|College of Medicine||134||706||475|
|College of Nursing||29||145||26|
|Rangel College of Pharmacy||42||343||56|
|School of Graduate Studies||15*||131||82|
|School of Rural Public Health||44||381||155|
|Texas A&M Baylor College of Dentistry||254||580||321|
Total*Only faculty at the Institute of Biosciences and Technology
Texas A&M Health Science Center is transforming health through innovative teaching and research in dentistry, medicine, nursing, biomedical sciences, pharmacy and public health. Here are some highlights from our colleges, including faculty-student ratio information.
Established to meet the needs of the medically underserved populations, the College of Medicine was founded in 1977. The college has expanded from a basic science campus in College Station and a clinical campus in Temple to four-year campuses in Bryan-College Station and Temple, a clinical campus in Round Rock, and a clinical program in Dallas. Currently enrolling more than 700 medical students, it is the only Texas medical school with two four- year campuses.
The college pairs medical education and research opportunities through clinical affiliations with private, state and federal health care organizations and community-based hospitals and clinics. The college offers a combined M.D./Ph.D. degree in Clinical Medicine and Medical Science, M.D./M.B.A. degree, M.D./M.P.H. degree, and M.S. in Education for Healthcare Professionals. Throughout the college and its centers, research programs are currently under way in biochemistry, cancer, integrated biology, cell and molecular biology, pathogenesis and neuroscience.
The College of Nursing is committed to addressing the critical nursing shortage across Texas through exceptional educational programs.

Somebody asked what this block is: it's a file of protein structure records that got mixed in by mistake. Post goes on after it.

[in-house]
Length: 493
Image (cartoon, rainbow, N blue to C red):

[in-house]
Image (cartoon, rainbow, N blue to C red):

The college offers the Bachelor of Science in Nursing (B.S.N.) through three educational tracks: Traditional, Second Degree and RN-to-B.S.N. The Traditional track accepts the first two years of education requirements from an accredited college or university, then requires
completion of upper-division nursing courses at the College of Nursing. The Second Degree track accepts a completed bachelor’s degree in studies related to nursing then requires the completion of nursing course work. The college also offers the opportunity for those with registered nursing (RN) diploma or associate degree in nursing to complete their nursing course work to obtain a B.S.N. degree with the RN-to-B.S.N. track.
The Traditional and Second Degree programs are offered in Bryan-College Station, and the Second Degree program is offered in Round Rock. The RN-to-B.S.N. program is offered online.
The Irma Lerma Rangel College of Pharmacy, located on the Texas A&M University-Kingsville campus, was established in August 2006 in response to the shortage of pharmacists in South Texas. As the first health- related professional school in South Texas, the college offers the Doctor of Pharmacy program leading to the Pharm.D. degree. Students in this program are exposed to a core professional curriculum including biomedical sciences; pharmaceutical sciences; social, behavioral,